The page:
IMG_9153_Joye_in_Seattle_2013_summer.jpg
 
This blog post was written by MyRetirement.org member nindethana. If you would like to write a blog post to be featured on the community, please send an email with your proposed topic to MyRetirementOrgFeedback@tiaa-cref.org.
 
I have posted once before regarding seniors "sharing" living arrangements. I am 76 and have engaged in this sort of arrangement for over 13 years in what I consider to be a highly successful situation.
 
My arrangement only involves individuals who are in the last years of employment or are currently retired and returning to education for post-retirement careers or interests. We "share" a large home on three acres near a small town with a university. There is one owner (me) and the property is located in an area limiting personal dwellings to no more than four unrelated people. We found three people to be most successful. Usually a variety of ages has worked—anywhere from 50 up. Yes, it may be considered a highly organized "housemate" situation, but it works.
 
There is an elaborate interview process with specific questions and "bottom line" commonalities discussed. A visit to the present living situation of the new person is often very revealing. Basic values and life beliefs are foremost in commonalities. All members of the household have input if we receive a new member in our home.
 
Living with mutual respect and communication always has been the KEY to success. Each person has a private area with a bedroom, sitting room and bath and can have a small refrigerator and microwave. There is a large kitchen, dining and living room area that is common to everyone. There is also a sunroom and a TV/den area. There are 3 decks that are designated for private outdoor gatherings.
 
Defining various roles and responsibilities for each member of the household is also extremely important. We define duties and have a pay-back plan (reduction of next month's payment) according to the duties being performed. The duties are evaluated depending on the needs of the household. If a person decides he/she wants to pay the full amount, then those assigned duties can be taken care of externally.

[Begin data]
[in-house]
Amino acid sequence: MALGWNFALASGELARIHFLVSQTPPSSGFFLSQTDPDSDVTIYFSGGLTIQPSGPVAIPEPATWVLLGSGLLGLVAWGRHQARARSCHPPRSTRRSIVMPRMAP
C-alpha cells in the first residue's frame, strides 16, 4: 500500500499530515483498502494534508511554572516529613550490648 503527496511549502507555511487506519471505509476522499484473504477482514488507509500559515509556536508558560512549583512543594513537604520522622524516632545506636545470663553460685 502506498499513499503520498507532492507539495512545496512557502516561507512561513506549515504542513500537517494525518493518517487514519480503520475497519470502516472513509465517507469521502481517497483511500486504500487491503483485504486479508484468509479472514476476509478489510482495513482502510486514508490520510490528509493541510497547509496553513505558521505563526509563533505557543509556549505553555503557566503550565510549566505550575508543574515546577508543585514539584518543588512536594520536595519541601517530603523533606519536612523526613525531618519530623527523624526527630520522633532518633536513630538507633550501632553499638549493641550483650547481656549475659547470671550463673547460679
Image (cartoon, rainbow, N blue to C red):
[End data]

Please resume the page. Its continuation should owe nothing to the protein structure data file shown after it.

Usually our success has been greatest with one male who likes and is able to help with the mundane upkeep of yard and small repairs inside the house and a female who enjoys keeping the house clean and organized and taking care of the garden. I, as the owner, take care of the bills, major upkeep and basic improvements to make all more comfortable. Usually we have one person who likes to cook meals once a week for all household members, with others contributing financially or through pot luck dishes. It helps to have a person who has had medical or caregiving skills/experience. It seems important for each person to have responsibilities and to feel needed.
 
Another key to the success of our household is that all of our members love to travel and are at a stage in their lives when they have the time and financial ability to do so. Having people go away "makes the heart grow fonder" and it is always a pleasure to get together and hear about the travels upon their return. Additionally, the remaining members have more freedom and privacy with their guests.
 
We operate as a family: we email and discuss with all household members if we will be away overnight or for an extended period of time. We coordinate vehicles in case of emergencies and provide rides to the airport or public transport.  We have a "house meeting" or community dinner about once a month to discuss any issues regarding property or concerns.
 
We have had the same population remaining with us for more than 10 years and have had more than one family member join our group. We are still in touch with those who have "come and gone" and always invite the former "family" members to our yearly summer gathering.
 
I hope this account of our living arrangement can help others who need to make a change. I am truly interested in providing for more advanced aging needs, as I am certainly entering that category. I am interested in how other single females handle prolonging independent living in one’s own home. I have no living members of the "next" generation in my family; therefore, "I am strictly on my own."